Associate Editor Mike Riggs started out as a reason Burton C. Gray Memorial Intern in 2008. After stints at the Washington City Paper and The Daily Caller, he returned to reason’s Washington, D.C., office as a full-time writer. In “Obama: Transparently Disappointing” (page 30), the native Floridian explains the “impressive lengths to which Obama has gone to preserve Bush-era secrecy.” When he’s not writing about law enforcement and drug policy for reason, Riggs, 27, enjoys lifting weights and avoiding direct sunlight.
In “Deadly Colonialist Fables” (page 53), Amy H. Sturgis reviews In Search of First Contact: The Vikings of Vinland, the Peoples of the Dawnland, and the Anglo-American Anxiety of Discovery (Duke University Press), an academic exploration of American origin myths. Sturgis says these stories have ongoing relevance to “U.S. policy toward Native America, a policy that remains deeply flawed and problematic today.” Sturgis, 40, is the author of four books on American Indians and presidential history; she also has edited several books about fantasy and science fiction. She was raised in Oklahoma, earned a Ph.D. in intellectual history from Vanderbilt University, and now lives in North Carolina, where she teaches interdisciplinary studies at Lenoir-Rhyne University.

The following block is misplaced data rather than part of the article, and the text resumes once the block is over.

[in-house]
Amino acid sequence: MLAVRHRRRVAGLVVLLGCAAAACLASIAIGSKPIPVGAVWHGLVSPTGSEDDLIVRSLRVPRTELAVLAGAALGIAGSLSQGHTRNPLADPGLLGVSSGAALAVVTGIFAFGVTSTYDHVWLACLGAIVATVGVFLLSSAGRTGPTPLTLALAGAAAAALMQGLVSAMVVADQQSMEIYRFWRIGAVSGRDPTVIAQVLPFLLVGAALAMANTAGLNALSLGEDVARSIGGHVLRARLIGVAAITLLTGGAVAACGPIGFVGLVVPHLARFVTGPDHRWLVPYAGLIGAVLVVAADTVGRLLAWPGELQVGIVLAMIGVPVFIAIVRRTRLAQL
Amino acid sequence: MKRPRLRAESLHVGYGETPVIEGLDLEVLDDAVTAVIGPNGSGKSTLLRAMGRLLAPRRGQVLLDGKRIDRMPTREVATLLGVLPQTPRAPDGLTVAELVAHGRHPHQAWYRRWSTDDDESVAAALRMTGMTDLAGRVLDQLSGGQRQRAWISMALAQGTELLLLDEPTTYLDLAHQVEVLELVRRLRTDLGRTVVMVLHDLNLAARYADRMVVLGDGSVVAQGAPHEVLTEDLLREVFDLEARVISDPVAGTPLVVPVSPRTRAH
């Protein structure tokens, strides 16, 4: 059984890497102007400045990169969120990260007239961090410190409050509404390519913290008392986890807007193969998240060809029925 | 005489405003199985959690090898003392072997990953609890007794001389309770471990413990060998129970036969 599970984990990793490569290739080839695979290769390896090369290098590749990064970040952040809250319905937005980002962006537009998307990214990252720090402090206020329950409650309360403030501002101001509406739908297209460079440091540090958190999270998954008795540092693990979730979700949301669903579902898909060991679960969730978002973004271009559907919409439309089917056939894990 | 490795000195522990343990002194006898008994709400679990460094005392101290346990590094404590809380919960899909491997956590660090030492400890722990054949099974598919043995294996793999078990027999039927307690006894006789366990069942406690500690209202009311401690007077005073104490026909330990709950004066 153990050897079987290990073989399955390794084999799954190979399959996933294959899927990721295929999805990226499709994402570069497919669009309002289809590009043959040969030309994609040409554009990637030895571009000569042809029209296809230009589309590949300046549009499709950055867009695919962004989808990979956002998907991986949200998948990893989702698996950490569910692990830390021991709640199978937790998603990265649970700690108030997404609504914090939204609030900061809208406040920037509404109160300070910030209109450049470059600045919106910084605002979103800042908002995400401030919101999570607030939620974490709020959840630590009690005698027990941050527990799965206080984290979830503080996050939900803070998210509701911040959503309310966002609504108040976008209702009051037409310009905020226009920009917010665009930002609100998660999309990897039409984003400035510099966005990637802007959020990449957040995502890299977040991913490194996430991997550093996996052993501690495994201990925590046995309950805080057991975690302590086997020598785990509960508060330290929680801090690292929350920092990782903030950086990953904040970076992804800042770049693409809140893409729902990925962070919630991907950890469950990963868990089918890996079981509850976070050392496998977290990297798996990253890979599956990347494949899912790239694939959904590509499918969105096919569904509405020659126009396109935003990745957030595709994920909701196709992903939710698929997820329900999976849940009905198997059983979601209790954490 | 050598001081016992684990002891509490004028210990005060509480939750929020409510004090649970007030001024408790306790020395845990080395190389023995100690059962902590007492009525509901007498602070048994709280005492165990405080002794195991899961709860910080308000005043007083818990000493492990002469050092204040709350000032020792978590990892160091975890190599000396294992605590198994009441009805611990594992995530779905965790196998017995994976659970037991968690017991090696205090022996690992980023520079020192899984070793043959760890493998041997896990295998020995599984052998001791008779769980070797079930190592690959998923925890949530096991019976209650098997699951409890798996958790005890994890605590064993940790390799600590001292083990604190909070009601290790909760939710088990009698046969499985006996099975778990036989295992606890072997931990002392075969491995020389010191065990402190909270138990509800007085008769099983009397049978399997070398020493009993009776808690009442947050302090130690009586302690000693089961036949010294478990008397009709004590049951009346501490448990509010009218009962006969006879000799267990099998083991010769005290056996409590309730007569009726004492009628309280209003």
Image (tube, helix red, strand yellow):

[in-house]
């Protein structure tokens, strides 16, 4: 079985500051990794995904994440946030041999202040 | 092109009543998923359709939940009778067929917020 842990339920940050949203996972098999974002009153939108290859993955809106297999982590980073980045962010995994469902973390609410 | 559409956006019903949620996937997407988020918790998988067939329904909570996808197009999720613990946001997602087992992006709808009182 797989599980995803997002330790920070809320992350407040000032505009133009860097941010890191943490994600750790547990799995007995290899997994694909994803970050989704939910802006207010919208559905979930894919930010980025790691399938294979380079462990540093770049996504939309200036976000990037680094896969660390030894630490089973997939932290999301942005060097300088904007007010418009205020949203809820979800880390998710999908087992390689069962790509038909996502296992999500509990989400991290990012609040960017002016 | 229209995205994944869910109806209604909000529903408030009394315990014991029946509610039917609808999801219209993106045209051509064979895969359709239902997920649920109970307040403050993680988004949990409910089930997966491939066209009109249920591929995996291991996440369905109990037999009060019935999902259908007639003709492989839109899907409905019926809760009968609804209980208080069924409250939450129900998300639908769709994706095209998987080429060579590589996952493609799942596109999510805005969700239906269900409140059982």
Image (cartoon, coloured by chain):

reason’s fall 2012 intern is John K. Ross, who is fresh off a six-year stint as a research associate at the Institute for Justice, a libertarian public interest law firm based in Arlington, Virginia. Ross, 30, grew up in Baltimore and now lives in Arlington. He was a libertarian late bloomer, introduced to the philosophy when he took a comparative economics course “as a lark” during his senior year as an international studies major at Towson University. After reading F.A. Hayek, Ludwig von Mises, and other Austrian greats, Ross says he “was hooked about two weeks into it.” Ross is particularly passionate about fighting government overreach in eminent domain, asset forfeiture, and occupational licensing.